I have a refrigerator magnet that carries this observation: “Now and then, it’s good to pause in the pursuit of happiness and just be happy.”

 

I don’t suppose I need a magnet to remind me to do that, but frankly it makes me happy to have an affirmation at my ready. And it’s funny how on occasion, when my mind is spinning trying to make the inconsequential consequential – or for that matter the consequential inconsequential – little things like refrigerator magnet slogans can provide a necessary speed bump for my racing thoughts.

 

Or not.

 

But it was Saturday morning and Saturday mornings have become a sort of hallowed time in my busy life. Five mornings a week, I need to be at school by 7:20. Saturdays I take my time, set my own schedule. Get out of bed when I wake up, follow my own slow routine and try not to let anything get in my way. So there I was. The water was heating and I opened the cabinet – before I remembered I had used my last teabag Friday or so I thought. And I hadn’t bought more. But I left the box on the cabinet shelf.

 

Oh praises to the gods smiling down on me. In fact, two little tea bags were left in the box. One cup and a spare. And as I measured the tablespoon of honey to sweeten the first cup of tea, still waiting on the tea kettle to whistle, I spied the magnet and its encouraging words.

 

Happy. Happy. Happy. That, I decided, is what I will be today.

 

I’m going to confess something here, without burdening anyone with the details. The truth is, while not Dr. Phil Show worthy, my little family is facing some issues. In the grand scheme of things, they’re not problems any worse than most people’s. Life altering? Isn’t everything? Life ending? Not really. At least not right now.

 

But it is safe to say, Humpty Dumpty has fallen off the wall and the king’s horses and men are being summoned.

 

Life is a journey. Not a destination. Don’t have that one on my refrigerator, but it’s certainly worthy. And certainly true. Right now the journey needs to be taken one step at a time. Patience is required.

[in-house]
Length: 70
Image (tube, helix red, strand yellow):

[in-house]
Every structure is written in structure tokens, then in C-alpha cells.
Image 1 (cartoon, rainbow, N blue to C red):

In the meantime, I shall be glad for those little things that make me happy. I thought I might count one or two. In no particular order, because in fact this column is due, now, and not finished.

 

So, yes, count the tea bags and honey, and blue flowered cup just the right size and weight for sitting, sipping and savoring a cup of tea while the wind howled round the corner of my apartment building outside. And sitting there, I got a text from my son in Corpus Christi announcing his daughter’s present and card from me had arrived on Friday – in time for the celebration of her sixth birthday on Saturday.

 

I am happy I work in a happy place, a safe place, really, because in spite of what’s going on, I know when I get there every morning, the “Good morning” greetings are genuine. The children’s hugs sincere. Their laughter infuses happiness. Even their sadness anchors me in the knowledge that life is complicated, and confusing, often confounding, but it is good. And totally worth the effort.

 

It makes me inexplicably happy to come home on Friday afternoon exhausted. Exhausted because I’ve used every ounce of energy I have working hard. Yes, the other Pre-K class’s teacher is out on medical leave, and the sub didn’t show, but we took in the extra children and they learned, and they made us crazy, but we got through and laughed at the trials when the day was done.

 

I am so, so happy to have a friend (more than one, actually) who calls to commiserate with me that it’s been a challenging week and suggests – as per usual – we talk it out over dinner. We splurge and both order steaks. And I don’t eat all of mine, so there’s enough for lunch the next day.

 

I think I am happiest when I consider the joy of the little things and I’ve been blessed by thousands of those “little things.” That there is progress is spite of setbacks. That somehow, I learned a long time ago the value of keeping on; the empowering wisdom of that other refrigerator magnet worthy Zen philosophy: “Fall down seven times, get up eight.”

 

 

 

Editor’s note: Candace Cooksey Fulton, formerly of Brownwood, is a freelance writer now living in San Angelo. She writes weekly columns for the Brownwood Bulletin and the San Angelo Standard-Times, each unique to the particular paper. She can be reached at ccfulton2002@yahoo.com.